Long-time Berkeley resident Marc Sapir, not a man hesitant to declare his views, chose last week to advance instead in the Daily Planet the words of KPFA manager Roy Campanella, Jr, and two of Campanella’s supporters on KPFA’s Local Station Board. In doing this, Sapir dismissed, or certainly tried to, the sexual harassment claims of eight KPFA women workers—all against the manager, all now filed with the state—by ignorantly belittling them and then by insinuating the claims all have a common and ulterior motivation. This is unbelievably insulting to the women and to those who care about them. In my judgment, each of the women and each of their claims must be taken very seriously.
Interested readers should type “KPFA-workers” into their Google slot. The www.indybay.org destination also has information on the statement of no confidence (in the new manager), the names of the 80 KPFA workers who have signed to date, and on the Hard Knock opposition (to the new manager).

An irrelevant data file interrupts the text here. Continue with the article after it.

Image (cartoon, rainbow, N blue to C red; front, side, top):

But what is all of this new strife about? Like many of us, Sapir dislikes certain aspects of what he acknowledges is “the premier alternative radio station in the region.” Can his dislike alone account for such uncritical championing of the new manager? For his absurd assertion that “many of the permanent staff have little respect for the activist community”? For his peculiar characterizing of much of the real core of the KPFA staff as a “dissident group?”
Only six years ago some 12,000 to 15,000 individuals marched through the streets of Berkeley in vigorous support of KPFA Radio, an astonishing turnout even for the first listener-sponsored radio station in the United States. Essentially the same workers then being endorsed are running the radio station now. There have been some internal changes, of course, some shows added, a few old friends gone, a few younger folks moving into place, but the core staff—both paid and volunteer—is the same reliable and conscientious entity.
What is different since six years ago? For one thing, the political climate throughout the country has grown emphatically grimmer, rendering alternative media far more endangered. That must be understood. KPFA is imperiled and increasingly vulnerable. Partisan disinformation is injurious to it. Demonizing of the staff or portions of it is only divisive. The situation is already far too polarized, and the Local Station Board has certainly not proven helpful in strengthening this invaluable community asset. What we have in common is simply too important to be jeopardized by ideological manipulations and distortions of our differences.
Bob Baldock has been KPFA’s public events producer since 1988.